Several problems facing education in Nigeria are related to really poor infrastructure. Utter and total negligence by the government has led to the demise of school systems and other training organizations in the last decade or so. Our academic institutions are in disrepair, and the students who graduate from them aren’t given the skills they need to compete globally. For scientific-practical sessions, in particular, numerous institutions lack basic equipment while those that pretend to have them are still using the outdated ones. As a result, students are solely exposed to the academic aspects of the course rather than the hands-on activities. There is also a dearth of required publications in school libraries.

It can be easily said that writing a personal statement in Nigeria by the understudies can be a step ahead toward positive changes in the Nigerian educational system. Why? That is because they are the most affected ones. However, lack of discipline, not just by students, is an issue that has been present over the past decades in this country. Lack of discipline is another issue that has festered in the school system like a cankerworm. It is fairly uncommon for students to engage in academic dishonesty, while others establish secret societies. It is imperative that all of these things be done away with since children are Nigeria’s future leaders and coming generations are children. In the absence of immediate action, Nigeria’s future is doomed to extinction. So now you have it, a look at some of Nigeria’s educational challenges and potential remedies.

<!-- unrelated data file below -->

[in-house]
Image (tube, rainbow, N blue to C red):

The educational system in Nigeria is no exception to the effects of corruption, which permeates every facet of governance. At every level of schooling, this is a common occurrence. Members of academic institutions, particularly school administrators, engage in bribery on a regular basis. Inappropriate use of funds designed to support education infrastructure, as well as operating schools and institutions, has been reported. Also, professors and instructors are no longer keeping their bribes under wraps. Independent Corrupt Practices and Associated Offences Committee reports that Nigerian colleges are plagued by corruption and that there is no political willingness and ability to address it.

Knowledge, skills, attitudes, and culture are the values that may all be learned via education. It ensures the transmission of or acquisition of general information, as well as the development of ability to think and judge equitably. Despite its numerous advantages and significance, education faces a number of difficulties in Nigerian schools. It’s like a plant that comes again after it is chopped rather than uprooted if education’s problems are not addressed at the root level. Let’s hope that national authorities will implement some of our suggestions above and start working on making their educational system worth admiring.